Pink and yellow lights synchronized to the beat of the music flashed everywhere. People danced. A thousand people? Yes. And not just people. There were a couple of Jersey Devils spinning across the courtyard. They wouldn’t miss a chance to dance. I spotted a table of swamp crocs. And flying over the crowd I knew I caught a glimpse of some faeries. I moved through the dancers and the lights. If the Boogeyman were in Egypt, he’d be here. I made a note to tell him about it next time I saw him. Finally, I was at the place where you could stare right at the DJ’s Lion Paw toes. He was three stories tall. His lion body swayed to the music and, lit from below, his body cast a dancing shadow, complete with his wings. He held a red set of headphones to the ear of his very human face. I wondered if he would remember me at all. I was going to see. I saw a wheelchair lift and a set of stairs up to a platform where you could request a song, no doubt. I started up the stairs.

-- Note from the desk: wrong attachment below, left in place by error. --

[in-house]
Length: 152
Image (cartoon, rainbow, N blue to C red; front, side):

A man touched my arm. “Hey, you. Do you have a riddle?” I turned. He wore a black tshirt with white letters that spelled Security. He repeated, “You have to have a riddle ready to suggest a song. See the sign? No riddle, no song request.” I told him, “I don’t have a song request. I’m an old friend. I’m just coming to say hello.” He laughed. “We’re all old friends. You know how many old friends of his I meet here, about two hundred a week.” I laughed, “No really, I’m a friend.”